In the years of controversy surrounding the praise of the Nazi-persecuted Jewish art dealer Max Stern (1904–1987), Düsseldorf Mayor Stephan Keller (CDU) has offered new talks of Canadian property.
On Tuesday, Keller apologized over the presentation of the exhibition » Vine and Booty. Art dealer Max Stern « for the cancellation of the show by his predecessor Thomas Geisel (SPD). The controversy that has arisen since 2017 was “regrettable” and was to be treated as an insult. After several postponements, the controversial Max Stern exhibition will be presented to the public for the first time on Thursday in Düsseldorf.
Keller promised the Canadian Max Stern Art Restoration Project that it would “responsibly deal” with pending return requests. He was “ready to have new talks.” These have to be operated on a secure legal basis.
He hopes that with the end of the exhibition, the time has come to have an exchange with the Max Stern art restoration project. In the Canadian project, three universities are researching works of art from the collection. Since then more than 20 works have been returned to museums and through the art trade.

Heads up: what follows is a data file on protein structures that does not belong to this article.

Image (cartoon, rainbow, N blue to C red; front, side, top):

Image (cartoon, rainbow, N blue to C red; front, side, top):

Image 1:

This was preceded by a controversy which led to the withdrawal of Canadian experts from the exhibition. The city top, under then-mayor Geisel, surprisingly unilaterally canceled the presentation in 2017 and justified it with current requests for information and reinstatement.
Canadian Star experts feel duped personally and professionally. He also refused to participate in the exhibition, which has since been revamped. The Düsseldorf Jewish community is also not included.
The debate about the two reinstatement cases still pending regarding Max Stern is a serious issue. One of the paintings in question – “The Artist’s Children” (1830) by Friedrich Wilhelm von Schadow – is shown at the exhibition. A restoration request has been submitted for work from the Max Stern Art Restoration Project.
Max Stern was forced by the Nazis to close his Düsseldorf gallery in 1937. He was able to escape to Paris and London and immigrated to Canada in 1941, where he made a successful fresh start. DPA
Devoted web advocate. Bacon scholar. Internet lover. Passionate twitteraholic. Unable to type with boxing gloves on. Lifelong beer fanatic.